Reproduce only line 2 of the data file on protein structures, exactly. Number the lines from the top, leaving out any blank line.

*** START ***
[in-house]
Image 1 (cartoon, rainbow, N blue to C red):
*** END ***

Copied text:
Image 1 (cartoon, rainbow, N blue to C red):